In Bash Arrays Shell, it’s a common requirement to remove elements from Arrays Bash Shell Linux. It’s a straightforward task, and there are several ways to accomplish it.

Here are some methods to remove elements from Bash Arrays:

  1. Unset command: You can use the unset command to delete a specific element from the array. For example, to remove the second element from the array, you can use the following command:
unset array[1]

This command will remove the second element from the array and shift the remaining elements one position to the left.

  1. Splicing with slicing: Another way to remove elements from an array is to use splicing with slicing. The #${start_index}:${delete_count} syntax can be used to specify a range of elements that need to be removed. For example, if we want to remove two elements from the array starting from the second index, we can use the following command:
array=("${array[@]:0:1}" "${array[@]:3}")

This command will create a new array that contains all the elements except the second and third elements.

  1. Filtering with grep: You can also use grep to filter out the elements that you want to remove. For example, if we want to remove all the elements that contain the letter ‘a’, we can use the following command:
array=($(echo "${array[@]}" | grep -v "a"))

This command will use grep to filter out all the elements that contain the letter ‘a’ and create a new array.

In Bash Scripts, removing elements from an array is an important task that you will often encounter. The above methods provide different ways to remove elements from an array based on your requirements.

Looping through Bash Arrays

Now that we have covered the basic syntax and structure of Bash Arrays, let’s discuss one of the most essential features of these Arrays: Looping. Bash Arrays allow users to store and manipulate multiple values in a single variable, but the real magic happens when we can iterate through these values and perform operations on them.

Looping through Bash Arrays can be accomplished using a variety of methods, including for loops, while loops, and until loops. Here, we will focus on the for loop, as it is the most commonly used.

The syntax for a for loop in Bash Arrays Shell is as follows:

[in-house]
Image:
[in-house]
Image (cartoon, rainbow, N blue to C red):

for variable_name in "${array_name[@]}"
   # Code to be executed

In this syntax, the loop will iterate over each element in the array, storing the current element in the “variable_name” variable. The code within the “do” and “done” statements will be executed once per iteration.

For example, suppose we have created an array called “fruits” that contains the names of various fruits. We can use a for loop to print out each fruit in the array, as shown below:

fruits=('Apple' 'Banana' 'Cherry' 'Durian')

for fruit in "${fruits[@]}"
   echo "I like to eat $fruit"

This script will output:

I like to eat Apple
I like to eat Banana
I like to eat Cherry
I like to eat Durian

As you can see, the loop iterated over each element in the array and printed a message for each one.

In Bash Scripts, it is also possible to use the “for (( expr1; expr2; expr3 ))” syntax. This method is useful for iterating through a range of values or performing more complex loop operations.

Copying Bash Arrays

Copying Bash arrays in a shell script is a straightforward process, but it requires bash version 4.3 or higher. Bash arrays can prove useful in Bash shell scripting, especially in processes where data is involved. In this section, we’ll outline the steps involved in copying Bash arrays in Linux:

  1. Declare an array and initialize it with data
fruit=("apple" "banana" "cherry" "date")
  1. Copy the entire array or a specific element to a new array.

The simplest way to copy an array is to assign one equal to the other:

fruit_copy=( "${fruit[@]}" )

Or you can copy a specific element within the array using its index value:

  1. Verify that the new array has the same content as the source array using a for loop
for item in "${fruit_copy[@]}"
    echo "$item"

This will print out the data from the fruit_copy array with each element on a new line.

Keep in mind that arrays might contain complex data types, including other arrays, which can make copying more intricate. If you want to deep copy the nested array, you will have to loop through each nested array.

Overall, Bash arrays are incredibly versatile, and copying arrays can seem daunting at first but is comfortable with the right understanding. With the steps outlined in this section, you can quickly copy Bash arrays in Bash shell scripting to your heart’s content.

Merging Bash Arrays

In Bash scripting, merging or combining arrays is an essential operation, and often goes hand-in-hand with searching and sorting. Fortunately, the bash shell provides us with several ways to merge arrays based on our needs. In this section, we’ll explore different techniques to merge bash arrays.

Concatenating Bash Arrays

One of the most straightforward methods to merge two bash arrays is by concatenation. We concatenate arrays by simply assigning them to a variable and using ‘+=’ operator. Suppose we have two arrays ‘array1’ and ‘array2’, we can concatenate them into a new array ‘merged_array’ through the following command.

merged_array=("${array1[@]}" "${array2[@]}")

Merging Bash Arrays using Loop